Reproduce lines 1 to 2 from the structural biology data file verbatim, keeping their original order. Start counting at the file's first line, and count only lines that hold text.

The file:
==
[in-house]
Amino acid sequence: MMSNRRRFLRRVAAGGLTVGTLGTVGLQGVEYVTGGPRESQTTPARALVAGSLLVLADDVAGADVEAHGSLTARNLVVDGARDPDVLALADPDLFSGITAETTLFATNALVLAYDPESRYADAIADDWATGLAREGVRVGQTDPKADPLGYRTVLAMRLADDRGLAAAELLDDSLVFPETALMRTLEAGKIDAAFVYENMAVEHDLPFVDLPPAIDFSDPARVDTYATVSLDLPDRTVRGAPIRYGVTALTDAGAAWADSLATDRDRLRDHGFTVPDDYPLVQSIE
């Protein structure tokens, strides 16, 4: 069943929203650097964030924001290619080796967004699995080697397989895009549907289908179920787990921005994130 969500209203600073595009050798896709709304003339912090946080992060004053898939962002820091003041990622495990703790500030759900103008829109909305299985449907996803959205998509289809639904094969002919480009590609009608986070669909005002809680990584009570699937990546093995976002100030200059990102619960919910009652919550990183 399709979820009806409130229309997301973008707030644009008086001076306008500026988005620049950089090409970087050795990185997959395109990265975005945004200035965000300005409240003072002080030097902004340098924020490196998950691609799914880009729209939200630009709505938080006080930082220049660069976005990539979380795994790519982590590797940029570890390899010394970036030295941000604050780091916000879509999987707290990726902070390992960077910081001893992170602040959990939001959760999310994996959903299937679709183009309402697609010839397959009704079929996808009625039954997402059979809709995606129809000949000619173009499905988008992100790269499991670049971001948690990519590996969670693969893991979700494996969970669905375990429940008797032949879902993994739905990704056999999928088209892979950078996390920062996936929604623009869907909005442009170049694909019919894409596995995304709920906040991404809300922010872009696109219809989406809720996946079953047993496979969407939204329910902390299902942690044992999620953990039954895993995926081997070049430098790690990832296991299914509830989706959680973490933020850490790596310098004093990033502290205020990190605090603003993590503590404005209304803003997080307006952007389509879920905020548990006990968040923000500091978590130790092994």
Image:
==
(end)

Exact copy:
[in-house]
Amino acid sequence: MMSNRRRFLRRVAAGGLTVGTLGTVGLQGVEYVTGGPRESQTTPARALVAGSLLVLADDVAGADVEAHGSLTARNLVVDGARDPDVLALADPDLFSGITAETTLFATNALVLAYDPESRYADAIADDWATGLAREGVRVGQTDPKADPLGYRTVLAMRLADDRGLAAAELLDDSLVFPETALMRTLEAGKIDAAFVYENMAVEHDLPFVDLPPAIDFSDPARVDTYATVSLDLPDRTVRGAPIRYGVTALTDAGAAWADSLATDRDRLRDHGFTVPDDYPLVQSIE